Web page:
To omit VanVleet, though, is to omit credibility.

Gasaway writes that he used several sources to help him with his rankings, including,, and translations that project NBA performance based on college metrics.

He also wrote that his list was not meant to be a referendum on how a player might perform at the next level. He’s adamant that he’s grading college players based on their college performance.

Well, I use when it comes to VanVleet. And while I’ve seen many of the other players on the list, I obviously haven’t seen them nearly as often as I’ve seen VanVleet.

So here is Gasaway’s Top 25:

1. Doug McDermott, Creighton

2. Marcus Smart, Oklahoma State

3. Lamar Patterson, Pittsburgh

4. Tyler Ennis, Syracuse

5. Julius Randle, Kentucky

6. Jabari Parker, Duke

7. DeAndre Kane, Iowa State

8. Jordan Adams, UCLA

9. Joel Embiid, Kansas

10. C.J. Fair, Syracuse

11. Russ Smith, Louisville

12. JayVaughn Pinkston, Villanova

13. K.J. McDaniels, Clemson

14. Casey Prather, Florida

15. Rodney Hood, Duke

16. Nick Johnson, Arizona

17. Keith Appling, Michigan State

18. Aaron Gordon, Arizona

19. Kyle Anderson, UCLA

20. Shabazz Napier, Connecticut

21. Andrew Wiggins, Kansas

22. Sean Kilpatrick, Cincinnati

23. Nik Stauskas, Michigan

24. Xavier Thames, San Diego State

25. Jordan Bachynski, Arizona State

It’s a good list. I’ve seen most of these players, at least in a game or two.

I’ve seen VanVleet play most of his young college career. He’s a great point guard and this ESPN insider has been cooped up too long.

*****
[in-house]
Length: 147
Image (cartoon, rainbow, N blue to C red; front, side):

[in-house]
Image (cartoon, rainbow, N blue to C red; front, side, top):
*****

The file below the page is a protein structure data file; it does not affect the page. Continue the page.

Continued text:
KU marches on

Kansas looks to me like a basketball team that could win a national championship in early April inside house that Jerry built in Dallas.

Then again, Kansas looks to me like a team that could get knocked out in the early rounds of the NCAA Tournament.

It just depends on when I’m watching Kansas.

The Jayhawks remained unbeaten in Big 12 play Monday night with a 10-point win over Baylor at Allen Fieldhouse. That’s no small accomplishment, since KU has beaten Iowa State and Oklahoma on the road and beaten Kansas State, Oklahoma State and Baylor at home.

All five of those opponents are ranked in the Top 25. And Kansas jumped to No. 8 in today’s poll. The Jayhawks are definitely on the move.

And for stretches of games, they look dominant. Then they don’t.

Kansas looks like the kind of team that could be shocked by a less-talented club when March rolls around. But the Jayhawks also look like a team made for the long haul.

They’re still making too many silly mistakes and after committing 16 turnovers Monday night have 59 in the past three games. That’s not the attention to detail that the best teams normally show. Wichita State, for instance, is averaging just under 10 turnovers per game.

Speaking of WSU, Shockers Ron Baker, Cleanthony Early and Nick Wiggins – Andrew’s older brother – got some face time and talk time on the ESPN broadcast. Sideline reporter Holly Rowe essentially asked the Shockers’ players how WSU would stack up against Kansas.

They did a great job of side-stepping the question. Nick Wiggins mumbled something before Early said something like “basketball is basketball” and Baker chimed in with a take that KU being good is a good thing for the state.

I was hoping for a Richard Sherman moment when one of them said something like: “Yeah, we’re better than Kansas. Kansas, they’re sloppy. We’re not sloppy. We’re ready to play these sorry guys now, after this game is over. We’ll make a call and get Fred, Tekele and the rest up here. We’re ready to go.”

A Wichita State-Kansas dream matchup will have to wait for the NCAA Tournament.

Until then, KU still has work to do. The Jayhawks are in great shape to win another Big 12 championship (what else is new?) but they’re far from a finished product.